Whenever a tile is used, the graphic is accessed through the linked list. If it's not in the linked list, it must be added. If a new tile is added to the list, the least recently used tile's array location is set to NULL, and it is removed from the list. The newly created node becomes the most recently used node, is loaded with the graphic's data, and has it's address added to the tile's location in the array. If a graphic is already in the linked list, it's node is just moved from it's current position to the recently used node position in the list.

You must be careful to correctly update the most recently used and the least recently used tile pointers correctly. Whenever something is moved to the top of the list, the most recently used pointer must be updated. Whenever a node's pointer to the next node is made NULL, the least recently used pointer must point to that node.

What does this technique give us?

Assuming that each element in the array is about 4 bytes (maybe 8 bytes if we need some extra information for loading the graphics off the hard disk), we would have (4 * number_of_tiles) bytes used by the array. This becomes our only value dependant on the number of tiles, so assuming that we would normally have stored all of the tiles in memory ahead of time (each tile is probably bigger than 16 bytes), we're saving a great deal of memory! The rest of the memory can be used for the cache which only holds those tiles currently in use. This means our usage of memory will also be more efficient (less waste). Each node only takes up about (4 * 4 bytes) = (16 bytes) plus the memory required to store the graphic. Notice that the amount of memory used by the node is minuscule in comparison to the memory used by a graphic, so it can be generally neglected.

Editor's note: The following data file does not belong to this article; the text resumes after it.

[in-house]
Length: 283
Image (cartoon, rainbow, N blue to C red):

Need more speed!

The downfall of this technique is the number of pointers that need to be manipulated and copied. It's not an unreasonable amount of pointers to deal with, but there are ways to reduce the number of times we have to move a node in the linked list. There are many cases where a group of tiles naturally follow each other in close proximity. By making each node contain multiple tiles (making them point to the most recently used tile set), we can avoid moving nodes if the tile being drawn is followed by another tile in its own set (this is because it would be in the most recently used node which doesn't need to be moved, it's already in the correct position).

Another idea would be to give each node a dirty bit (flag). When you move the node to the most recent position, you set the dirty bit (on), and know not to move it again until the dirty bit is reset (off). Before a period of getting tiles, you first clear all of the dirty bits (which will only be in the nodes at the beginning of the list, so you don't have to go through the entire list), then start accessing the tiles. This means each node will only move once per session and you will avoid redundantly moving nodes.

Discuss this article in the forums

Date this article was posted to GameDev.net: 11/18/1999
(Note that this date does not necessarily correspond to the date the article was written)

See Also:

© 1999-2011 Gamedev.net. All rights reserved. Terms of Use Privacy Policy
Comments? Questions? Feedback? Click here!